More than 200 million 911 calls are made in the USA every year. 80% of those calls are placed wirelessly with a significant number of those originating from indoors. The National Emergency Address Database was created to improve location information, utilizing Bluetooth® beacons to get first responders to victims in time.
A Better Way to Save Lives
Reducing the response time of emergency personnel is critical to saving lives. In his presentation, Bluetooth for Public Safety – How Innovation in the Wireless Industry is Improving 911 Location Accuracy, Steve Statler, Head of Ecosystem Adoption for the National Emergency Address Database, stresses the importance of sending first responders, not only to the right address but, in the case of a multi-story hotel, to the right room or floor.
By using a combination of Wi-Fi access points and Bluetooth Low Energy Beacons, the National Emergency Address Database can provide emergency responders with reference points mapped to a street address as well as additional information (floor, suite, terminal, gate, etc.) to help responders better locate the caller. The new Bluetooth direction finding feature, released earlier this year, has the potential to provide even greater location services accuracy and therefore expediency to a first responder’s search for people in an emergency.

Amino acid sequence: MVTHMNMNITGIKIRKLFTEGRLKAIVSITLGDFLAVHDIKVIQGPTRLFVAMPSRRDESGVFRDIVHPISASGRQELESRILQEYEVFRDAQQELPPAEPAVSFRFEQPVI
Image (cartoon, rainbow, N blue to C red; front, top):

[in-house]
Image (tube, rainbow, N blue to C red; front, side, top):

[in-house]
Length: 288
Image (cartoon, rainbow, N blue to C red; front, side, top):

According to Statler, companies that choose to share the metadata of their beacon locations with the National Emergency Address Database will not only help save lives in an emergency, but will also add further value to their products, whether it’s a beacon, lighting system, or exit sign equipped with a Bluetooth radio.
Watch the video above to find out how this project began and how the rest of the location services ecosystem can get involved.
Enhancing Bluetooth Location Services with Direction Finding
Learn how the new Bluetooth direction finding feature enables the development of Bluetooth proximity solutions that can understand device direction as well as Bluetooth positioning systems that can achieve down to centimeter-level location accuracy.